At the table behind me, a group of business suit wearers were discussing database search algorithms and how web search engines prioritized and censored results. I thought the people at the two tables should get together, but kept the opinion to myself. Their Smart ID cards could tell them. The roast beef was excellent and the gravy worked well on that and the mashed potatoes.

The conversation at my table turned toward electronic devices and various features. There was no doubt that the man next to me had the best laptop with the fastest speed, lightest weight, and most features. He demonstrated how well it handled running multiple networked operating systems at the same time through virtual machines. Its built-in digital camera could also take the highest resolution pictures available without actually using a separate digital camera.

I quietly excused myself as the surreptitious frowns in my direction at my obvious lack of laptop envy were becoming more frequent since I had finished eating.

I wandered the convention halls for the rest of the evening, watching the interactions of people and pondering the future of technology. I was not invited to join any conversations. I did see a number of people check their Smart ID cards as I approached.

The next morning, I went through the Dealer's room. With a purpose bordering on obsession, I stopped at every table and inspected their wares. Most displays were fantastic. Large screens showed dynamic video and speakers played music or commentaries to draw people closer.

Several had built rooms that could be entered to drown out the deafening volume of the main room. The best was the air flight simulator with a 180 degree screen, surround sound, and a mock cockpit that actually lifted and tilted. Due to my lack of piloting skills, my flight ended shortly with a rather loud crashing noise accompanied by a greatly reduced cockpit shaking.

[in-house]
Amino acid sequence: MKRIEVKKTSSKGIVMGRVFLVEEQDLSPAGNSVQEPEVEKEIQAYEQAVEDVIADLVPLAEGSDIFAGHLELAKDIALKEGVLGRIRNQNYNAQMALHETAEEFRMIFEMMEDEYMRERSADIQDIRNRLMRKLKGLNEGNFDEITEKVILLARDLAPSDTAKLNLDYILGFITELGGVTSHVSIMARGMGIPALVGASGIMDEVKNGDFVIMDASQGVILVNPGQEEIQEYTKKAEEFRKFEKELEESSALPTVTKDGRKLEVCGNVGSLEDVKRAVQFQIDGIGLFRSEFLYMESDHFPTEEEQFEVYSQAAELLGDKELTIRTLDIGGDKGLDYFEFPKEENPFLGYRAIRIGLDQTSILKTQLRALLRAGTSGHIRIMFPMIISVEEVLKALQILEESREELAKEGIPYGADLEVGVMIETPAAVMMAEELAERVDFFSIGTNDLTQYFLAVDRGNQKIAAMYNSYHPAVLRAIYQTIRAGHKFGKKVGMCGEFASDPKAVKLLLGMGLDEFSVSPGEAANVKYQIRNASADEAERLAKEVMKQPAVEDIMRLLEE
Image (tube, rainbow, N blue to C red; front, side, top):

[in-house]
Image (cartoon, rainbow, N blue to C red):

As I approached one table, the large screen displayed a huge welcome message with my name on it. It reminded me of the data on my Smart ID card and I thought briefly about paying one of the convention terminals to show me what was on it. That table displayed a variety of surveillance equipment for home and personal use. The sales representative was describing potential income opportunities when surveillance systems were used with the Internet. My name on the screen changed to someone else's as another person approached and I moved on.

I attended a presentation on language interpreters and how they could be made more accurate by using logic linguists have employed for centuries to describe common structures found in all languages.

After that, I sat through an analysis of the latest processor design and a description of some of the key changes in its instruction set. By losing some backward compatibility, a computer could be made a lot faster. Here's the math calculations proving this. No, there is not a working model yet. It's all theoretical, but would you like to fund a working model?

I found and attended three different open panel discussions on new RFPs that defined protocols for more secure and accurately authenticated network packets. People were very vocal about the bits and bytes flying around their networks and how they should behave.

That evening I went to the political forums that debated current and pending laws and free software versus closed-source software. And I had thought the RFP discussions were lively! These speakers were very good and obviously emotionally attached to their views. One even said that a complimentary version of some very expensive, proprietary application had been copied to one lucky person's Smart ID card merely for attending his lecture and winning a random lottery entered automatically by their Smart ID card as they walked in the room.

By the third and last day of the convention, my brain was spinning from all the things I had seen and learned. I think I had reached my information-overload point. How many different things could a person be expected to absorb in one weekend? I felt like my thoughts had been fractured into tiny glimpses of the world.

The last presentation I attended was on how to sort through, find, and extract appropriate information from Smart ID cards. After all, you would want to know who to contact about things of interest and would want to make sure you did it in a timely manner. You could even purchase the convention's specialized search engine and navigator if you wanted.

I didn't. I really wanted to go home, drink a beer and sit outside in today's fall sunshine a while and clear my head. I had one more thing to do yet.

My employer was waiting at my car. I didn't even know his name. I handed him my Smart ID card and he handed me a roll of cash for my time.